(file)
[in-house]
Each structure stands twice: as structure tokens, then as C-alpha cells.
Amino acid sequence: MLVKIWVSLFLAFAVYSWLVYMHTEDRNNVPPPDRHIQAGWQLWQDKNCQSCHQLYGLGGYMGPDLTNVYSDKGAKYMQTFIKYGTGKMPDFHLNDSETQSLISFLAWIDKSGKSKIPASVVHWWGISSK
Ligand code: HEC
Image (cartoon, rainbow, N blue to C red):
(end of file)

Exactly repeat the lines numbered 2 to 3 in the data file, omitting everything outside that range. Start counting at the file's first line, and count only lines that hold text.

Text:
Each structure stands twice: as structure tokens, then as C-alpha cells.
Amino acid sequence: MLVKIWVSLFLAFAVYSWLVYMHTEDRNNVPPPDRHIQAGWQLWQDKNCQSCHQLYGLGGYMGPDLTNVYSDKGAKYMQTFIKYGTGKMPDFHLNDSETQSLISFLAWIDKSGKSKIPASVVHWWGISSK